Food & Wine Classic: Meet Jeremy Ford, Bravo TV’s “Top Chef”
There’s only one moment as clear in chef Jeremy Ford’s mind as the day his daughter was born: the day he won Bravo TV’s “Top Chef.”
The executive chef at the Matador Room, a Jean-Georges restaurant in Miami Beach, lined up alongside fellow finalist Amar Santana and waited to hear Bravo TV host Padma Lakshmi announce the winner of Season 13. Ford says there was probably about five minutes of actual, stomach-churning waiting, “but I swear it felt like an hour.” It took a few seconds for the victory to sink in, Ford remembers, but once it did, he knew it was one of the proudest moments of his life.
The “Top Chef” awards package is generous — this year the prize money was $125,000 — plus chefs get to showcase their talent at the Food & Wine Classic, an event Ford says he’s always wanted to be a part of. Ford was already thinking back in April about the products he’ll be using at the Classic, when he envisioned a lot of local produce from Colorado and other local ingredients to be the stars of his dishes. He also plans to carry on his fish legacy, he says, noting that fish got him far during many demanding “Top Chef” challenges.
Confidence isn’t something Ford seems to struggle with, but he’s had plenty of recent ego-boosters as chef to help him along. Take the opening episode of “Top Chef” Season 13, when Ford won the first challenge, sending a message to the other 16 contestants that he meant business.
“Confidence is something that, as a chef, you’re always second-guessing yourself,” Ford says. “Every dish you create, you think about it 19,000 ways, always wondering if it’s the right thing or as good as it should be done. I gained confidence in the beginning because of that win.”
The “Top Chef” honor has catapulted Ford into the world of celebrity chefs, an identity that hasn’t hit home yet.
“At heart, I’m just a cook. I started out as a young dude who just wanted to learn, just fascinated by cuisine and flavors,” he says.
The Florida native developed a bit of a surfer-dude reputation on the Season 13 show. He said “dude” and “bro” a lot and took a little heat from the judges when he came up with a “Taco Dudes” concept for one of the challenges. It would be a gastropub-type place, with “hot chicks serving the food,” Ford told the judges. Lakshmi wasn’t amused, and the other judges weren’t impressed. The challenge didn’t serve as another confidence-booster for Ford.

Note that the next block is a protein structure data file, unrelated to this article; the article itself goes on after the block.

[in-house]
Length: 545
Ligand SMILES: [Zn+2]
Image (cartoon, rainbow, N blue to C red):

“You’re a one-man band (on ‘Top Chef’),” Ford says. “There’s no one to save you if you
fall or crash.”
That reality helped Ford with time management, a skill he’ll likely need this weekend for the Classic. Another skill he seems to be constantly honing is to believe
in himself and his flavors.
He uses what he says are “funky techniques” — think spherification (molding foods in spherical shapes with thin membranes and liquid centers) and molecular gastronomy (using the chemical and physical traits of ingredients to enhance their presentations) — but flavor is always the end goal. You won’t see Ford using powders and gums in ways where they don’t also pack powerful flavor.
While Ford has $125,000 in “Top Chef” winnings, which many past winners have
used to open their own restaurants, Ford is content at the Matador Room under the mentorship of Jean-Georges Vongerichten, where he says he’ll continue to build upon his skills and experience as a chef. He’s enjoying the culinary spotlight on the heels of his
“Top Chef” win, but he’s not trying to get ahead of himself, either.
“You have to go with your gut, man,” he says.
Given the United States is in the throes of a constitutional crisis, now isn’t the time for debates over who’s pictured on American currency and who’s memorialized with a statue on public property, two prominent historians told an audience in Aspen on Saturday night.
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